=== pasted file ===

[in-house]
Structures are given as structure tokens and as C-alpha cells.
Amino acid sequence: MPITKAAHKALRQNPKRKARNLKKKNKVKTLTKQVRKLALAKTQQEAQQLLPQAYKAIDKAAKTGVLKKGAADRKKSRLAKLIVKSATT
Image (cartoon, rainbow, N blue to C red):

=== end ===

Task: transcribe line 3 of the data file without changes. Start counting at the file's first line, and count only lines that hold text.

Amino acid sequence: MPITKAAHKALRQNPKRKARNLKKKNKVKTLTKQVRKLALAKTQQEAQQLLPQAYKAIDKAAKTGVLKKGAADRKKSRLAKLIVKSATT